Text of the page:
In an attempt to deter its service members and the general public from indulging in the latest strange drug craze, the U.S. Navy has released a six-minute public service announcement detailing all the terrible things bath salts can do to you. Except it's making them a lot more silly than scary. The dubstep and SyFy channel-style graphics don't exactly help. Take a look for yourself:
We just have so many questions. Like, did anyone in the Navy actually do bath salts to get this representation right? If not, is this just a loose interpretation of what bath salts are supposed to do? Does it really induce Skrillex-knockoff music to start pumping in your head?
Judging from comments and Twitter, seem to be that the Navy went a bit overboard. And here's the reception so far on YouTube:
In all seriousness though, the Navy had the best intentions. Synthetic drugs have been a thorn in the military's side since November, when 11 sailors were discharged for using Spice, a synthetic drug that mimics marijuana. And the Navy has been targeting bath salts since at least 2011, reports DC Military.com. And, of course, the PSA arm of the Navy is probably just trying to let all its servicemen (and women) know about this "scary" stuff — how bath salts will turn you into a terrible person who likes terrible Dub Step music and steals single french fries while punching your demon girlfriend. And to make sure you didn't miss that point, there is an expert, Lt. George Loeffler, a Psychiatry Resident at the Naval Medical Center in San Diego, telling you that all the stuff you saw in the first two minutes of the video is, in fact, supposed to be quite bad. Loeffler says:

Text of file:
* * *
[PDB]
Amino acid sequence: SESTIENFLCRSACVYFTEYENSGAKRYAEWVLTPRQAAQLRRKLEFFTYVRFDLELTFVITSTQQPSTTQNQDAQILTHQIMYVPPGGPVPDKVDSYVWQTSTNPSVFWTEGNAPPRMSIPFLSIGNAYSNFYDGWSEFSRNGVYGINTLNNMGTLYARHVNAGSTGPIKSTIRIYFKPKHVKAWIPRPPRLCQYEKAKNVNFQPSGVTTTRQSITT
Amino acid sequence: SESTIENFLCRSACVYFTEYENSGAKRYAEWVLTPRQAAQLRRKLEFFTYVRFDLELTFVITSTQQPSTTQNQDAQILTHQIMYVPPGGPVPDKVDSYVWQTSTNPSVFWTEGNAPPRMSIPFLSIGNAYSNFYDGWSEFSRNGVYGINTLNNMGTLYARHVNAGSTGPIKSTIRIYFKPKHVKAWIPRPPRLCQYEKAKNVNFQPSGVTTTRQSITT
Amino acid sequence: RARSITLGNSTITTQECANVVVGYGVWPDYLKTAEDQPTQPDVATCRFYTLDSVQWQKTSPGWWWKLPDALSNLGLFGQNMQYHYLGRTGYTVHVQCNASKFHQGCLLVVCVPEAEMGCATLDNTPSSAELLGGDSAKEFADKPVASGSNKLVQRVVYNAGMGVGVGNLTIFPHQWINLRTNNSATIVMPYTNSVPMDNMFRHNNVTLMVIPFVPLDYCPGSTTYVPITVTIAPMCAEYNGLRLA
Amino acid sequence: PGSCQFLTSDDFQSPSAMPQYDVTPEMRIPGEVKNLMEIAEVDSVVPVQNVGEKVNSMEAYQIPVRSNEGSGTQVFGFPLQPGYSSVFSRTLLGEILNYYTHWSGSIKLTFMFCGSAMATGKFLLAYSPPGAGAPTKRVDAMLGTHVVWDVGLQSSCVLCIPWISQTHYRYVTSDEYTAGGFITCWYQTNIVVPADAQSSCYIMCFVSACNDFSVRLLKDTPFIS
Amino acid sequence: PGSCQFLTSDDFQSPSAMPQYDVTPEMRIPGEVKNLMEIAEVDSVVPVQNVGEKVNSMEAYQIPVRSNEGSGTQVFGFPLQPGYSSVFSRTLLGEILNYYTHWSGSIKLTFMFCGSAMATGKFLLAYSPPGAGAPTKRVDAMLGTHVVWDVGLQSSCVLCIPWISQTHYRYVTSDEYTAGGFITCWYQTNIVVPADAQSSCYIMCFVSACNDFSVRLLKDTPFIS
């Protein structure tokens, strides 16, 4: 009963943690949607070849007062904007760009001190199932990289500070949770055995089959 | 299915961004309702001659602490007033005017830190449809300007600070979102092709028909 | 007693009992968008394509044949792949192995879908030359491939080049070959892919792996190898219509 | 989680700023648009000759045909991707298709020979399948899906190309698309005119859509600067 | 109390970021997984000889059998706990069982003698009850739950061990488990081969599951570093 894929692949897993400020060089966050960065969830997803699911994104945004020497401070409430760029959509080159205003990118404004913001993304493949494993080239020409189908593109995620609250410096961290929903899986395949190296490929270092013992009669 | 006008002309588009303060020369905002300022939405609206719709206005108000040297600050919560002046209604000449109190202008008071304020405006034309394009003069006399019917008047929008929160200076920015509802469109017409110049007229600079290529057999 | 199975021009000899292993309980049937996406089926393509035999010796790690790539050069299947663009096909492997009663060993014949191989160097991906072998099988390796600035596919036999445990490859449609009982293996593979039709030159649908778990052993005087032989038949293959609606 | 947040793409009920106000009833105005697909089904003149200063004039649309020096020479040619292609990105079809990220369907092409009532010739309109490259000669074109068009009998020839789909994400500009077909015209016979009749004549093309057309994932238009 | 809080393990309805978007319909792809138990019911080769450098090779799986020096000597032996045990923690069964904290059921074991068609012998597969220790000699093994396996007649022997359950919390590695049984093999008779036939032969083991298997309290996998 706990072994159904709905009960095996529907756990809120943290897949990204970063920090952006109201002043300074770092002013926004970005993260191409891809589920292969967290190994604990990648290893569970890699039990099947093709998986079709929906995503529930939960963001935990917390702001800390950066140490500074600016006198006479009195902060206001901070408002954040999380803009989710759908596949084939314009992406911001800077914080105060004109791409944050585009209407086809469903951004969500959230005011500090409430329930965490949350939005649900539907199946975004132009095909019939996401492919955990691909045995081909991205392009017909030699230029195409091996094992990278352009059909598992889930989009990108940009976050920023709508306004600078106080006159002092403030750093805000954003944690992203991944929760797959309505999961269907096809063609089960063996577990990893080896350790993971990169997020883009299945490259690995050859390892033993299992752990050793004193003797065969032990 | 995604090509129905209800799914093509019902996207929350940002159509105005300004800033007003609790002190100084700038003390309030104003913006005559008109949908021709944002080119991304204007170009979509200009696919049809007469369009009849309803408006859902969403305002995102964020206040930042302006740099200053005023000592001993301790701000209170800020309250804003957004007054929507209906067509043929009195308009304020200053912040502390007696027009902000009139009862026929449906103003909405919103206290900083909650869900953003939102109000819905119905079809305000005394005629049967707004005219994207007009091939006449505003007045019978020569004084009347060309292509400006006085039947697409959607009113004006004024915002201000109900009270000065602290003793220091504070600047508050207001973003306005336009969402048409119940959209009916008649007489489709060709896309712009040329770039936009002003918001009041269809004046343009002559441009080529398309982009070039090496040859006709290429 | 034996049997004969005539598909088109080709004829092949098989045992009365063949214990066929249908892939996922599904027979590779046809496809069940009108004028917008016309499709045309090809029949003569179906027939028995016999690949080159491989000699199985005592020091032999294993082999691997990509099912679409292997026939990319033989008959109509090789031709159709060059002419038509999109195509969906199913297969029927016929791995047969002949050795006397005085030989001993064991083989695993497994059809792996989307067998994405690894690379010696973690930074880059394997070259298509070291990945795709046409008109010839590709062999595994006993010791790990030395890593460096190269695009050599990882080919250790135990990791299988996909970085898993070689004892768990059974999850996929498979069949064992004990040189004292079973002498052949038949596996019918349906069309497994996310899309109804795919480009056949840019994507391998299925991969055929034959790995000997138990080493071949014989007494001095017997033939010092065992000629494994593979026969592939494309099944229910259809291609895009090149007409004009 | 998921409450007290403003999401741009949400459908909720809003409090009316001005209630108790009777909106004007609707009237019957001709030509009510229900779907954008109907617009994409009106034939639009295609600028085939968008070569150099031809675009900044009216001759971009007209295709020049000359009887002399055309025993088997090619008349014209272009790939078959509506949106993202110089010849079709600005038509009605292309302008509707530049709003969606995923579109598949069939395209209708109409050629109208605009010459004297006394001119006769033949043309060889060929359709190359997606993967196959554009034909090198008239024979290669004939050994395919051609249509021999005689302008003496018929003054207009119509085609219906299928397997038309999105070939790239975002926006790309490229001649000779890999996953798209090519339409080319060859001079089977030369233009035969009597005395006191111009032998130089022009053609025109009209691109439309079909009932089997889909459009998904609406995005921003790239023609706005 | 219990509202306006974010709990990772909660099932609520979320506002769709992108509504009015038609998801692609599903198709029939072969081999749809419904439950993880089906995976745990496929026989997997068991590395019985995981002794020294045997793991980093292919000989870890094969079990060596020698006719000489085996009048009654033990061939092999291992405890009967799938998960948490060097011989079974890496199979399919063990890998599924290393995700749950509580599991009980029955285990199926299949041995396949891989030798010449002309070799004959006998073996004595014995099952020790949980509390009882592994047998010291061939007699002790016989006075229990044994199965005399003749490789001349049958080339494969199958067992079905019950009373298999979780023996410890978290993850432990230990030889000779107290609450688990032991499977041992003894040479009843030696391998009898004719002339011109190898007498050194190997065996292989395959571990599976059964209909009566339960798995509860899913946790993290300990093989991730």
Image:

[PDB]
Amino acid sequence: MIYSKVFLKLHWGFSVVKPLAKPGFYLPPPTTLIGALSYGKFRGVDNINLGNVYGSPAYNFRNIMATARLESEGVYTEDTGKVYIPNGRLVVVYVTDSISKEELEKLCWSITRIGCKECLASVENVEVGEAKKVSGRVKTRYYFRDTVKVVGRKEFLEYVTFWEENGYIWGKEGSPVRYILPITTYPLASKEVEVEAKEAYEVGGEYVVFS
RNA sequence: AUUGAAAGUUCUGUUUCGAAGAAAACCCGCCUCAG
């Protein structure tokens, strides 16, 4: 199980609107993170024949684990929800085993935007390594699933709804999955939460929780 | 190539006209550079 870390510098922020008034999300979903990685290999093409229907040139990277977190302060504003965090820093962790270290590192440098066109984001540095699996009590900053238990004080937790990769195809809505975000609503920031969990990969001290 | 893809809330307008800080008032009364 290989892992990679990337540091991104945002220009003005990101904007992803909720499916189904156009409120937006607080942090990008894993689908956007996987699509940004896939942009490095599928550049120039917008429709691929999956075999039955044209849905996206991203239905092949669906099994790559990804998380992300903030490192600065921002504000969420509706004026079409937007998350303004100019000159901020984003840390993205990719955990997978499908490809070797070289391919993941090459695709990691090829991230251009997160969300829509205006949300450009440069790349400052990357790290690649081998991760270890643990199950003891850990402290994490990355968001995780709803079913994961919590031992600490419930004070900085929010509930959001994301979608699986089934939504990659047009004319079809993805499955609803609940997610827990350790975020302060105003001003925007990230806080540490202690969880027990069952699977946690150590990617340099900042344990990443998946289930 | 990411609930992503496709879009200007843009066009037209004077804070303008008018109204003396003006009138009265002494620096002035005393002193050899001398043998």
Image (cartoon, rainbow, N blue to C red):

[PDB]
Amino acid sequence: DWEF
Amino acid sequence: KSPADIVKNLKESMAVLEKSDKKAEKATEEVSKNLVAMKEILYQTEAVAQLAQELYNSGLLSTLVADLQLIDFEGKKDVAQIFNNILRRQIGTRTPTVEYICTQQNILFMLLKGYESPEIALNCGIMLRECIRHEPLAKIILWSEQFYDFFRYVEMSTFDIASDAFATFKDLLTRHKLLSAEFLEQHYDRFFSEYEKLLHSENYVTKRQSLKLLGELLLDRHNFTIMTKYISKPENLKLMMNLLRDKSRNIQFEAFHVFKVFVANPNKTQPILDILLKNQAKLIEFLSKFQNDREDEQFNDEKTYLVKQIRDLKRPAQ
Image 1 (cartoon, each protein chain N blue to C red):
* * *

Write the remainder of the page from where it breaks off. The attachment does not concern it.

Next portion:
When people are using bath salts, they’re not their normal selves ... They’re angrier. They’re erratic. They’re violent and they’re unpredictable…. People will start seeing things that aren’t there, believing things that aren’t true.
That, by itself, might have been more effective. Or, you know, just showing the real-life cannibal attack, which was a lot more horrific than the whole thing.
This article is from the archive of our partner The Wire.
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